What good is any of this?

Say you have event listeners registered on all kinds of elements on your web page. However, you only want the logic in each of the event listeners to be fired if the user intended on triggering the event on that specific element. It is probably clear now that clicking on some nested element is intuitively the same as clicking on all of its parents too. If you want to avoid triggering your event listener logic for each of these collateral clicks, we can utilize the event object’s API!

You can simply check your current element against to see if the passed in event was truly intended for the current element on which the event was triggered, or if the event is just making its rounds through its propagation path to get to or from its target. This may look something like:

document.getElementById('parent-element').addEventListener('click', function(e) {
  if (this !== return; // avoid collateral clicks from event flow

  // All kinds of logic down here that should only be hit
  // If the event was originally intended for this the `parent-element`
  // .....
}, true);


document.getElementById('parent-element').addEventListener('click', function(e) {
  // All kinds of logic down here that should only be hit
  // If the event was originally intended for this the `parent-element`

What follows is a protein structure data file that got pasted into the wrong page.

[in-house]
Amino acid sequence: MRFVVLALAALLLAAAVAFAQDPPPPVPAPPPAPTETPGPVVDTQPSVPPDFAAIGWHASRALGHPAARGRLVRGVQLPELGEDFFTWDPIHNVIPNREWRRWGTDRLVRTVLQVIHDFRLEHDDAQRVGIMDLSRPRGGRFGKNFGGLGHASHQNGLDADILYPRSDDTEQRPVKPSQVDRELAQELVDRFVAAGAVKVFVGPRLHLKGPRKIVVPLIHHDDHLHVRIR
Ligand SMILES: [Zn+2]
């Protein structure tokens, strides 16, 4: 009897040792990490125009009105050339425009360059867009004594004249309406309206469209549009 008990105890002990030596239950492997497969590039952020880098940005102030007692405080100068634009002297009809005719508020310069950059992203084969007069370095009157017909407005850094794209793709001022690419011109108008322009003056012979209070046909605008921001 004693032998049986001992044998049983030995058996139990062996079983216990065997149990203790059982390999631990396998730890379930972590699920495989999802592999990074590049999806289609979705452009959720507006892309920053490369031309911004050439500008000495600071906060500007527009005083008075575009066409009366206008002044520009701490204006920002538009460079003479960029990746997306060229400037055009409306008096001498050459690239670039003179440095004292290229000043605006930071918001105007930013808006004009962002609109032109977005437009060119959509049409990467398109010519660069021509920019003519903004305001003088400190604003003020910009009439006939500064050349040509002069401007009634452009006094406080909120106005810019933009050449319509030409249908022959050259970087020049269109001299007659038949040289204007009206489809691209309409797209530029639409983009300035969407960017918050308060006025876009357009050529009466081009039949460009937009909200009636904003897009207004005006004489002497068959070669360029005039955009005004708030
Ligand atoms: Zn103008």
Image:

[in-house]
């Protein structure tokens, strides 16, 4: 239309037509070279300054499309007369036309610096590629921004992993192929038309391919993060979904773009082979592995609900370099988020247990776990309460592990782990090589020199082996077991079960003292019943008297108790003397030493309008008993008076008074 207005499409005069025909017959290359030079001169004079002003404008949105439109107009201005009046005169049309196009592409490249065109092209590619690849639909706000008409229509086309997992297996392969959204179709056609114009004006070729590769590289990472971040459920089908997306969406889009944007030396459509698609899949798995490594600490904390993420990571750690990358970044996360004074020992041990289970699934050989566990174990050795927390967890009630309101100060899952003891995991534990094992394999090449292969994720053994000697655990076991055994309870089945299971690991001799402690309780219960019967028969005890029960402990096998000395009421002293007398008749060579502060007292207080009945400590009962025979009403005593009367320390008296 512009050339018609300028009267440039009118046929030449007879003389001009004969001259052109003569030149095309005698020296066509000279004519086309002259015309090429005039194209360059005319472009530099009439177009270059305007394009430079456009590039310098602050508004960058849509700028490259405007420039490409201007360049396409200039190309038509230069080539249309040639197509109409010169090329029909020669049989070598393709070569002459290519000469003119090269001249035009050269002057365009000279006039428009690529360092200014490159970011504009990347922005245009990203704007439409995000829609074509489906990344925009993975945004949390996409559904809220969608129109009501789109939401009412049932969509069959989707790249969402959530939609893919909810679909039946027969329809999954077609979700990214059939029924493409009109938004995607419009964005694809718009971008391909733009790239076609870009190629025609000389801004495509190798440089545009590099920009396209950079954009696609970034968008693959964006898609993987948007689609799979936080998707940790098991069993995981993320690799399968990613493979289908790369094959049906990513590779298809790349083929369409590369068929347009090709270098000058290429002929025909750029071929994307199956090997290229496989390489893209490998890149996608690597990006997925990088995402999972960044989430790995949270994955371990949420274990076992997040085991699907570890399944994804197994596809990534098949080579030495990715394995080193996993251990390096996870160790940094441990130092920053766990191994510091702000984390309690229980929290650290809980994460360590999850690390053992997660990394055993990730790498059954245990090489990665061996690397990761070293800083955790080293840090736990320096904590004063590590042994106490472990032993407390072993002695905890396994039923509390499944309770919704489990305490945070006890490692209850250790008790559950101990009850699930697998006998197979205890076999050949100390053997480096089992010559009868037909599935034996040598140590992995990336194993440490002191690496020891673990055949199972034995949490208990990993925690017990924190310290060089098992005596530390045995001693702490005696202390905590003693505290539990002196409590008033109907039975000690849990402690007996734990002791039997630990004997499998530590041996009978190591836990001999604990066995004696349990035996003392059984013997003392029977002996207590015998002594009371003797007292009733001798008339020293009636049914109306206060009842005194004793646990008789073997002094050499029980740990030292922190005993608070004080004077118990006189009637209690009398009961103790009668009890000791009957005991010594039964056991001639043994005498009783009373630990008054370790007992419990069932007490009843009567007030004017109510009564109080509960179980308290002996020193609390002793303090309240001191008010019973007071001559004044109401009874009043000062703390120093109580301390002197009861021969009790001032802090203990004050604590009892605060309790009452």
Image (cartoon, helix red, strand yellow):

// .....

document.getElementById('target-element').addEventListener('click', function(e) {
  // Logic to be triggered when the target-element has been clicked

  // Make sure we don't propagate the event up through the bubble phase so
  // other event listeners further up the chain do not get triggered
  if (this === e.stopPropagation();

Caution with ES6 arrow functions

This is all neat and fancy stuff, and if you’re feeling extra fancy you may want to use an ES6 arrow function as your second argument in a call to addEventListener(). Before doing this, I’d recommend understanding the possible pitfalls however. When using callback functions it is often very helpful to have the this argument dynamically bound to whichever object the callback is “referring” to.

ES6 arrow functions are not capable of dynamically binding this. Therefore, when using an arrow function as a callback argument in addEventListener() or something similar, the value of this is resolved when the function is evaluated. This means the value of this will often be the global window object in many cases, or some outer origin object in others. This implicitly prevents us from performing the basic this !== check we used before, since this will usually never be what you expect it to be! Note this does not make a difference when you’re registering event listeners on the window object itself, clearly. To see more instances where using ES6 arrow functions without the proper knowledge can be dangerous, read this article.


I strongly urge you to experiment with these concepts. To get started, feel free to check out this basic HTML file I’ve created. Open up the console and run it in your favorite browser. Happy coding!

Written on November 10, 2016